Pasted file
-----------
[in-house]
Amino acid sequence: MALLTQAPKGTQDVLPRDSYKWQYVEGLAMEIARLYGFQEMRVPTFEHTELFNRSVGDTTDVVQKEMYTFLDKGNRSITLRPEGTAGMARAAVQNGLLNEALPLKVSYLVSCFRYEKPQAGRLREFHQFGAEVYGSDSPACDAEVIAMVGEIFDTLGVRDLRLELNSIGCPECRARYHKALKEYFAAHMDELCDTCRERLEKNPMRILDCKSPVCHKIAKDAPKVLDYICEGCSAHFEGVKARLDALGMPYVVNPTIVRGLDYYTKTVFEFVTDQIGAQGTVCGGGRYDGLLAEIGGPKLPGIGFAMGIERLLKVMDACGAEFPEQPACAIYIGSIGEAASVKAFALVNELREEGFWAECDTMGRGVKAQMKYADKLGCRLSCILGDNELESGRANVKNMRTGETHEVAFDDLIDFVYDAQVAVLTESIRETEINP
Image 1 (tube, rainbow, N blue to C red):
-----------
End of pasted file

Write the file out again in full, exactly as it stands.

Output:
[in-house]
Amino acid sequence: MALLTQAPKGTQDVLPRDSYKWQYVEGLAMEIARLYGFQEMRVPTFEHTELFNRSVGDTTDVVQKEMYTFLDKGNRSITLRPEGTAGMARAAVQNGLLNEALPLKVSYLVSCFRYEKPQAGRLREFHQFGAEVYGSDSPACDAEVIAMVGEIFDTLGVRDLRLELNSIGCPECRARYHKALKEYFAAHMDELCDTCRERLEKNPMRILDCKSPVCHKIAKDAPKVLDYICEGCSAHFEGVKARLDALGMPYVVNPTIVRGLDYYTKTVFEFVTDQIGAQGTVCGGGRYDGLLAEIGGPKLPGIGFAMGIERLLKVMDACGAEFPEQPACAIYIGSIGEAASVKAFALVNELREEGFWAECDTMGRGVKAQMKYADKLGCRLSCILGDNELESGRANVKNMRTGETHEVAFDDLIDFVYDAQVAVLTESIRETEINP
Image 1 (tube, rainbow, N blue to C red):